Timing is everything, especially when it comes to real estate.
A recent survey from Zillow finds 84% of first-time home sellers wish they had done something differently regarding the timing, pricing or marketing of the transaction.
Notably, 9 in 10 first-time sellers think they could have sold their home for more money if they had made different decisions.
The findings are based on a poll of first-time sellers who completed their transactions in the past two years. The November survey included more than 2,000 adults.
The real estate market has had notable shifts in the past couple of years, with mortgage rates climbing from 3% to more than 7%, noted Ted Jenkin, a certified financial planner and the CEO and founder of oXYGen Financial in Atlanta. He is a member of CNBC’s Financial Advisor Council.
Recent bank failures prompted mortgage rates to tumble, with the average rates on 30-year fixed mortgages dropping to 6.57% versus a recent high of 7.05%.
Yet experts say it is still a seller’s market.
“Even in a really strong seller’s market, people still have regrets,” said Amanda Pendleton, Zillow home trends expert. “They second-guess their decisions.”
The best time to list a home for sale nationally to maximize your sale price is the last half of April, according to Zillow data.
Here are four regrets from recent sellers that homeowners ought to be aware of before listing their homes this spring.
1. Not having a winning pricing strategy
To get the best deal on your home, you want to list it for the most competitive price.
“If you price it competitively, you’re going to be able to sell it a lot quicker,” Jenkin said.
Competitively priced listings that find a buyer go under contract in 31 days, Zillow data finds. Meanwhile, other homes may linger on the market for a median of 73 days.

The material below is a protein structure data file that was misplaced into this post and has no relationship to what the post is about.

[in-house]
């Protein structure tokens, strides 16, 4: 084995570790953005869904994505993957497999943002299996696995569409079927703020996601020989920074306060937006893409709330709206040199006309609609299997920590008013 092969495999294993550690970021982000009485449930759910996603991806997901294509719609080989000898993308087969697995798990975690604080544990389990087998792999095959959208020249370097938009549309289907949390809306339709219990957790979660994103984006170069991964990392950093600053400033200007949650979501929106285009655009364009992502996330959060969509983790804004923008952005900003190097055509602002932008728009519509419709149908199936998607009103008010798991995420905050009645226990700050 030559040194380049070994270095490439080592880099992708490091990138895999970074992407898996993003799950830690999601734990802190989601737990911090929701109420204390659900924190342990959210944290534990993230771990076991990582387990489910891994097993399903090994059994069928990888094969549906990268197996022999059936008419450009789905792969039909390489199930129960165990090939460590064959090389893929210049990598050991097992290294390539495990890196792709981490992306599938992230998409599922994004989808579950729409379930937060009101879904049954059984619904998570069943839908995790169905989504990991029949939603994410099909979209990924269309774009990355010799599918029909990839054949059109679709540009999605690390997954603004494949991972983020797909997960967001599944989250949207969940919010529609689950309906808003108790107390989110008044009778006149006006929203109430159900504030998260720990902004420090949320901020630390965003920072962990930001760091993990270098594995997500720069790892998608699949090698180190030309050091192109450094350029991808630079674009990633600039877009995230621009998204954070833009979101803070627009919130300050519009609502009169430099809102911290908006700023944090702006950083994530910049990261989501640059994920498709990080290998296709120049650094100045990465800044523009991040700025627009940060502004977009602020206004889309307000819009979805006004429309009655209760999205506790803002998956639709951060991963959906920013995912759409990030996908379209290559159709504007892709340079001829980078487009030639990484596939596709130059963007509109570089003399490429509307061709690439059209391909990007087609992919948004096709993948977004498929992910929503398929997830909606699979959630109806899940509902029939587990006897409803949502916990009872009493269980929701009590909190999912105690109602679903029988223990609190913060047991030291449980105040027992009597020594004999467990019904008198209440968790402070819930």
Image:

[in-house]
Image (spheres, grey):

“That speaks to the power of pricing,” Pendleton said.
To find out what your home may be worth on the market now, see what comparable homes in your area have sold for in the past six months, Jenkin said. Getting a good independent appraisal can also help set expectations.
While most homeowners will not face capital gains taxes on the transaction, keep in mind that may be a possibility, Jenkin said. An exemption on primary residences is available for the first $250,000 for individuals and $500,000 for married couples.
But the exemption may only be used once every two years. Notably, it will also not apply if you did not live in your home for at least two of the last five years, Jenkin said.
2. Ignoring curb appeal
To increase the amount of money you get for your home, you may want to make investments that will improve first impressions.
New flowers and shrubs and a fresh coat of paint may help prospective buyers to see themselves living in the home, Jenkin suggested. Having your home staged may help show it off in the right way for it to sell, he said.
Online curb appeal is also crucial, particularly now that virtual home selling standards have changed since the onset of the Covid-19 pandemic, Pendleton said.
“People want to be able to tour homes from the comfort of their living room,” Pendleton said.
Keep in mind prospective buyers may eliminate your home from their search based on just a photograph.
Homes that get more saves and views on Zillow have virtual, three-dimensional home tours and interactive floor plans, Pendleton said. Investing in professional and drone photography can also help show off your listing, she said.
3. Bad timing
A quarter of recent sellers felt they got their timing wrong, Zillow found.
Yet timing the real estate market is not a good idea, Pendleton said. People who sold their homes and then rented, with the expectation home prices would come down, are now finding that while prices are a bit lower, mortgage rates have skyrocketed.
“It’s so hard to time it,” Pendleton said.
The idea of getting out at the top of the market also means you’re anticipating a crash, which is not in experts’ forecasts.
“Our economists are just not seeing that,” Pendleton said.
4. Ignoring repairs
About a quarter of recent first-time sellers think they could have gotten a better price if they had paid more attention to home repairs. But some improvements may pay off more than others, according to Pendleton.
Massive projects such as a kitchen renovation or roof replacement typically do not provide a significant return, Zillow has found.
The most common projects homeowners complete before listing their home include interior painting, carpet cleaning and landscaping.
“That’s for good reason,” Pendleton said. “Those are the projects that give you the most bang for your buck.”